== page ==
Does it mean that I have to change my ADC?

No, it just means it is a poor choice. Like paying $800 on some shoes to do the gardening in.

What do you mean "on earth"?

You are not a native English speaker then. It is a colloquium expression expressing utter surprise.

I am not sure what you mean with schematic,

It is a diagram showing how things are connected up. Those photographs are useless, you can not even see where the wires go from one board to the other.

I have no idea of electronics

That's a surprise then.

I am just going to write a code for this device,

You can not write code for an embedded system without understanding the circuit of what you are trying to interface to.

If you want help you have to post all your code, not just the little bits that you posted.

Quote
Does it mean that I have to change my ADC?
No, it just means it is a poor choice. Like paying $800 on some shoes to do the gardening in.

Quote
What do you mean "on earth"?
You are not a native English speaker then. It is a colloquium expression expressing utter surprise.

Quote
I am not sure what you mean with schematic,
It is a diagram showing how things are connected up. Those photographs are useless, you can not even see where the wires go from one board to the other.

Quote
I have no idea of electronics
That's a surprise then.

Quote
I am just going to write a code for this device,
You can not write code for an embedded system without understanding the circuit of what you are trying to interface to.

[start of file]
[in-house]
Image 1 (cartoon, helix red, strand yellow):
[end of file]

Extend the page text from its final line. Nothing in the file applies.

If you want help you have to post all your code, not just the little bits that you posted.

Thanks for your help.

Here I have uploaded the full code, it was too long I was not able to post it here. The functions and also the library are found in AD7793 website. I have changed them though a little bit.

It gets "AD7793 OK" (means recognizing AD7793 ID) and also FFFFFF for the value of DATA.
Thanks again.

Hi again.

For a while I got some acceptable results, but after that nothing again(only FFFFFF) till now.

In some places you have writing to the ADC wrapped in chip select control (AD7793_CS_LOW/AD7793_CS_HIGH), but not always and not in the main loop SPI.transfer()s. Does this matter? Most SPI chips require the CS to be controlled.

srt92:
Hi again.

For a while I got some acceptable results, but after that nothing again(only FFFFFF) till now.

If that is with the same software then you have unreliable wiring. You need soldered joints.

And yes you need to control the chip select pin otherwise you will get all ones.

In some places you have writing to the ADC wrapped in chip select control (AD7793_CS_LOW/AD7793_CS_HIGH), but not always and not in the main loop SPI.transfer()s. Does this matter? Most SPI chips require the CS to be controlled.